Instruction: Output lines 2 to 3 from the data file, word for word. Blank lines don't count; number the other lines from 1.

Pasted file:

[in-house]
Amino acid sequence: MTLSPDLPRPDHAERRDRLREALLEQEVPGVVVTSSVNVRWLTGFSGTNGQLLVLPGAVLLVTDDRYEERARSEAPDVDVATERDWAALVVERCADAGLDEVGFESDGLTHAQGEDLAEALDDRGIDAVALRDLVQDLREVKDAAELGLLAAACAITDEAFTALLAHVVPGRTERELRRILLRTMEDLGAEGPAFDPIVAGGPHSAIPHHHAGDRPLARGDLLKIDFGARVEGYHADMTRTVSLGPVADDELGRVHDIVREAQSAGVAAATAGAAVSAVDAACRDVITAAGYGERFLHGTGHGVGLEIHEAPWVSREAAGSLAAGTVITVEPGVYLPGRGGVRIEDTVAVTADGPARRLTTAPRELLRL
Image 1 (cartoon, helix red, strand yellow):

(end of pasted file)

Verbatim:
Amino acid sequence: MTLSPDLPRPDHAERRDRLREALLEQEVPGVVVTSSVNVRWLTGFSGTNGQLLVLPGAVLLVTDDRYEERARSEAPDVDVATERDWAALVVERCADAGLDEVGFESDGLTHAQGEDLAEALDDRGIDAVALRDLVQDLREVKDAAELGLLAAACAITDEAFTALLAHVVPGRTERELRRILLRTMEDLGAEGPAFDPIVAGGPHSAIPHHHAGDRPLARGDLLKIDFGARVEGYHADMTRTVSLGPVADDELGRVHDIVREAQSAGVAAATAGAAVSAVDAACRDVITAAGYGERFLHGTGHGVGLEIHEAPWVSREAAGSLAAGTVITVEPGVYLPGRGGVRIEDTVAVTADGPARRLTTAPRELLRL
Image 1 (cartoon, helix red, strand yellow):